Written in the late 1950s The Constitution of Liberty reflects the work of a fine thinker in his prime. Hayek had a deep understanding of information problems within markets – economists now refer to this issue as asymmetric information. Although his appreciation of the information is much deeper and richer than most modern economic analysis incorporates.
Access to information limits what can be known, what can be done, and what can be planned. Allowing individuals to pursue their own interests, which only they could know, within a framework that maximises cooperation, would result in greater prosperity.
Hayek’s Constitution remains as important today as it was 51 years ago. In the 1970s Margaret Thatcher held up a copy of the book and proclaimed, ‘This is what we believe’. More recently, here in Australia, former Prime Minister Kevin Rudd attacked Hayek almost proclaiming, ‘This is not what we believe’.
If Kevin Rudd – or his ghost writer – had actually read Hayek first-hand he may well have come to a very different conclusion. He almost certainly would have asked tougher questions when various hare-brained schemes, like FuelWatch, GroceryWatch, and the mining tax, were being proposed.
Hayek deals with issues such as the welfare state, trade unions, social security, taxation, natural resources, and education. These issues are still at the forefront of political debate.
What many would find surprising is that Hayek did not imagine an emasculated state – rather he took the view that government could play a large role in society.
Hayek insisted that it was the character of government intervention not the size of government that mattered. In particular he was not an anarchist – he readily accepted that a market economy presupposed the existence of a government and a public sector.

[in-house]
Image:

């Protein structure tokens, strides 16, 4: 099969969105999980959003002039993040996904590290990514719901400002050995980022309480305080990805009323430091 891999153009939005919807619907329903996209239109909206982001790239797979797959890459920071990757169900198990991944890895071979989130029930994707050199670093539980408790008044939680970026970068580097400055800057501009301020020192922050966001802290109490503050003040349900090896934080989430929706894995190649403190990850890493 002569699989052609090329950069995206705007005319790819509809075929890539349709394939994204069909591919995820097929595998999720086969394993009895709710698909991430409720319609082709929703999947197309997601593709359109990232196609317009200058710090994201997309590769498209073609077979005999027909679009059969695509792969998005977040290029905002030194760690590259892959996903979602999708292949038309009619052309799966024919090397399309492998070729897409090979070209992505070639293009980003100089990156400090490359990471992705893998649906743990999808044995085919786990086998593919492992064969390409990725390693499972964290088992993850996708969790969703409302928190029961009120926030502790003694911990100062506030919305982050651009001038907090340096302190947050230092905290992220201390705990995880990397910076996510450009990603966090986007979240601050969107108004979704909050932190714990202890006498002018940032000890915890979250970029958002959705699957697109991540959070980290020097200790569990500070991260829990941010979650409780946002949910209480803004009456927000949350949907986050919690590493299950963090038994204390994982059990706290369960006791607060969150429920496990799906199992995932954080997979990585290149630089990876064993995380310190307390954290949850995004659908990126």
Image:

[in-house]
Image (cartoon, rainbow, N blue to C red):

Hayek tells us that coercion occurs ‘when one man’s actions are made to serve another man’s will, not for his own but for the other’s purpose’. Hayek explores the overlap between the proper functions of the state and the limits of coercion. Hayek sets out some principles of coercion. The government should never coerce anyone except in the enforcement of a known rule that is certain, general and applied equally.
He imagined that government could set standards, provide public goods, regulate the monetary system, and so on. These views are hardly controversial. That describes more or less exactly what modern governments do.
Where he did believe government should not intervene is in the price mechanism itself. Setting prices would likely result in unintended consequences and perverse outcomes. But the imposition and enforcement of general rules would lead to government that enhanced economic prosperity.
Hayek does not provide a cookbook approach to economic policy, but rather sets out a framework of ideas that he then uses to explore political economy issues such as taxation. He is not opposed to taxation per se, but does believe that progressive income tax is arbitrary and inconsistent with the general principles he establishes.
Hayek was not opposed to compulsory private health insurance to prevent those who can pay for themselves free-riding on the public purse. Similarly he warns against the unfunded, open-ended social security systems of western Europe and north America. They are unsustainable. Australia’s superannuation system is consistent with Hayekian principles – individuals provide for their own old age through compulsory savings.
New readers will find much to ponder. Those who know Hayek’s work will rediscover an old friend.